Teen Read Week: Focus on Dollar Store Grant Winner, Cathy Andronik

In honor of Teen Read Week and all the creative ideas librarians are busy planning and implementing this time of year, the Teen Read Week committee decided that we would post interviews with some of the winners of the Dollar General Literacy Foundation’s Teen Read Week grant. Ten librarians won $1,000 to implement their idea for Teen Read Week within their communities, but why only list their names in the official press release? We know you want to know what their grant-winning idea was, so this week and next week, be sure to check the YALSA blog as we pepper you with the interviews where we give you all the details.

The lovely Cathy Andronik
The lovely Cathy Andronik

First up, is Cathy Andronik from Brien McMahon High School in Norwalk, CT. The two high schools in this urban area about an hour north of New York City each serve around 1700 students and the librarians frequently share good ideas, including their lunchtime book clubs. This could very well be because they used to work in the same school, as Cathy explains. “Until about three years ago, there were two librarians at each high school; then budget cuts forced a staff reduction to one per high school.’  Seniority enters the picture, and my wonderful colleague ended up at our crosstown rival.’  She and I had run a lunchtime book club together for several years already, sometimes through a YALSA grant, other times scrounging money wherever we could find it.’  We worked so well together, we promised each other that somehow we would find a way to combine our two clubs.”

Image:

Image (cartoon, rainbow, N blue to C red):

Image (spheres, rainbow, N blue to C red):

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Trading Spaces: Visiting Each Other’s Libraries

Gretchen came up with the idea of visiting Erin when we found out that our libraries (in southern Connecticut and southwestern Massachusetts respectively) are not terribly far from one another. We were looking for a cultural exchange: to see what was new and exciting in each other’s libraries and teen programs. It’s also just fun to meet Internet friends in real life. (Thanks for introducing us, YALSA and Twitter!) Here’s what we found.

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Give them books, give them wings

The title is a quote from Paul Hazard’s groundbreaking work, BOOKS, CHILDREN AND MEN. I saw evidence of how books give teens wings yesterday when I spoke to an after school book club of about 100 teens. At the end of my booktalks (and their reaction was too terrific; you can read more at my blog: www.professornana.livejournal.com), they each received door prizes. They had choices of books and there were also some passes to movie theaters, iTunes cards, Starbucks and the like. The things left until the bitter end were the gift cards, folks.

This school district spent lots of money getting books into the hands of kids and then bringing in some visiting authors. Nothing too technical or elaborate. The results, though, are incredible.

Posted by Teri S. Lesesne